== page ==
Fires, floods and a global pandemic: The Mount Barney lodge

13.08.20 By
This article is more than 3 years old

A rectangluar qrey image with text directing people to the Australian Bushfire and Climate Plan.

For two generations, the Larkin family has owned and operated Mt Barney Lodge, an ecotourism retreat situated at the base of Mount Barney within the Scenic Rim on the Gold Coast, where nearby attractions include mountain ranges, beautiful rainforests, hidden waterfalls and hiking trails.

Despite its tourism drawcards, climate change has posed a continuous threat to the future of the lodge and the Larkins’ livelihood.

Climate impacts in the region range from bushfires to flooding. Many tourism businesses, including the Larkins’, have had to close on several occasions in the past five years due to extreme weather events.

An image of Mount Barney in the day time.

In September 2019, unprecedented fire conditions swept through the Scenic Rim, sparking a fire in the mountain ranges. Lodge coowner Innes Larkin had never seen such intense fires before, nor experienced the level of concern shown by QPWS, RFS and Police.

As the fire raged on, thousands of hectares of World Heritage Listed forest was destroyed and large numbers of Queensland native wildlife, including koalas, were killed. The Larkins evacuated their guests, and Innes stayed behind to defend their property.

The resulting loss of tourism income to the area was huge, only to be compounded by post-bushfire flooding, as well as the COVID-19 pandemic.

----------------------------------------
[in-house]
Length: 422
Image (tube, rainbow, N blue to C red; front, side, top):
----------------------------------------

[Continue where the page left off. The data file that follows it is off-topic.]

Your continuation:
The family had released “Barney Bonds”, which are gift-card style IOUs that can be purchased now and redeemed later, so that people could come back after the fires. But just days before the lodge was due to reopen, the COVID-19 lockdown kicked in, which hampered the Barney Bonds initiative and caused severe stress about the future of the business.

JobKeeper has been a “lifesaver” for the Larkins, and the Lodge has welcomed record visitor numbers since the lockdown lifted in early June. Innes Larkin chalks this down to more people seeking out the healing influence of nature after a long period of isolation.

“It seems Queenslanders are embracing nature as an antidote to all the stress caused by COVID-19,” Larkin says.

An image Mount Barney on fire during the Black Summer bushfires.

The compounding disasters of the bushfires and COVID-19 have spurred the Larkin family to call for stronger climate action—they are lobbying their local council to declare a climate emergency, and starting conversations with guests about the importance of nature conservation.

The Larkin family has been resilient through multiple shocks, but are conscious that Queensland’s bushfire season is fast approaching again.

The family is anxiously watching for rain to keep the World Heritage forests’ moisture levels up. A reminder that even when COVID-19 passes, the need to urgently tackle climate change remains.

This case study originally appeared in the Australian Bushfire and Climate Plan. Read it here.

Read more about the ‘Black Summer’ here.